Mr. Clegg: To ask the Secretary of State for Transport what factors he took into consideration when authorising the budget increase for the A628 Mottram Tintwistle bypass; what the main reasons were for agreeing to the increase; and upon what date he agreed to the increases. 
Dr. Ladyman: I took account of a number of factors in agreeing to an increase in the approved cost estimate for this scheme. In particular, I noted that important causes of the cost increase were, firstly, the decision, arising from the North Wests advice on priorities for major transport schemes, to slip the proposed start date of this scheme to 2012-13; secondly, the use of more realistic forecasts of construction inflation up to the schemes new start date; and thirdly, the inclusion of additional works to restrain the amount of traffic passing through the Peak District National Park following the construction of the scheme. I also took account of all the impacts, including the benefits that the scheme will provide. These include relieving the communities of Mottram, Hollingworth and Tintwistle of high volumes of through traffic and providing improved journey times for travellers. In the light of the overall balance of costs and benefits I decided that it was appropriate to agree the increase.
I took this decision on 30 January 2007. However, I recognise that at the higher cost estimate this scheme represents an additional pressure on the funding allocation for major schemes in the North West region. Officials will be discussing this with the North West region shortly and I will take account of any views that they may wish to offer on the provision of funding and timing of delivery of this scheme in the light of the higher cost.
Mr. Grogan: To ask the Secretary of State for Transport on what date he paid £103,974.92 to the account of Brims and Company Ltd., mentioned at item 5 in the third interim award of 16 October 1998 in the Greenhead A69 diversion arbitration. 
Dr. Ladyman: Brims and Company Ltd. were contractors working on the A69 Greenhead diversion scheme. The company went into receivership in 1990. Receivers were appointed and an arbitration was brought against the Secretary of State. A settlement figure was agreed and ratified by the arbitrator in November 2002. This was a full and final settlement and explicitly included the payment of interest and costs. The agreed settlement figure was paid to Brims and Company Ltd. shortly thereafter. The settlement was enshrined in a consent award which attracts the confidentiality which is implicit in the arbitration process. The confidence is owed to the administrative receiver of Brims and Company Ltd.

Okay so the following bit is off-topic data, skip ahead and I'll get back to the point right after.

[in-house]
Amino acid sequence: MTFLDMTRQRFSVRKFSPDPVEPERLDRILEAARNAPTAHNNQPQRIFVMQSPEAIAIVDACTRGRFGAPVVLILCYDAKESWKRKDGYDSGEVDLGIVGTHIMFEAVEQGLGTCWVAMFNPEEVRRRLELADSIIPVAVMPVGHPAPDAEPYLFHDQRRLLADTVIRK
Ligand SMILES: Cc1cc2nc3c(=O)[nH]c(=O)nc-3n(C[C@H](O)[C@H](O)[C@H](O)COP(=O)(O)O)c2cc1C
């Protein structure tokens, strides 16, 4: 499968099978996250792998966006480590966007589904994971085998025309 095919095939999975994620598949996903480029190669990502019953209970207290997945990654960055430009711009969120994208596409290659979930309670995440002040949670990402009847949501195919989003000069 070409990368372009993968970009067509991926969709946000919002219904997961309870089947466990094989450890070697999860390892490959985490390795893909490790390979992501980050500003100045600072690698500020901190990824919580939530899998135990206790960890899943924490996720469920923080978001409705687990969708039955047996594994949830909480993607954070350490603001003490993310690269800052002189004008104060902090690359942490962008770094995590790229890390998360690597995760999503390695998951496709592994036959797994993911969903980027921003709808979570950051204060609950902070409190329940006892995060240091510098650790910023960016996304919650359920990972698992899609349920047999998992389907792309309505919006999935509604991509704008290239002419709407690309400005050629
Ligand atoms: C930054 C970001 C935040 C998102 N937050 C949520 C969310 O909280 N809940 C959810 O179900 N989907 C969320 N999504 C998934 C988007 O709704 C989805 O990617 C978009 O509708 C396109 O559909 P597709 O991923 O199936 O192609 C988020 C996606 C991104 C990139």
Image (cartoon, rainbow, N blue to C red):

Mrs. May: To ask the Secretary of State for Transport how many Ministers were entitled to the services of an official Government car in each year between 1997 and 2006. 
Dr. Ladyman: The Government Car and Despatch Agency (GCDA) is responsible for providing ministerial transport in line with the Ministerial Code and the Prime Ministers guidance Travel by Ministers.
All serving Cabinet Ministers, Ministers of State and Parliamentary Under-Secretaries of State since 1997 were entitled to an official Government car.
Mrs. May: To ask the Secretary of State for Transport which Ministers with an entitlement to an official Government car have chosen to be driven in (a) a Jaguar and (b) a Toyota Prius. 
Dr. Ladyman: Guidance on the use and provision of government cars is set out in Travel by Ministers and the Ministerial Code. It is for individual Ministers to account for their travel arrangements.
Mr. Clegg: To ask the Secretary of State for Transport how many (a) rail and (b) tram stations there are in England and Wales; and (c) how many bus stations there are in England.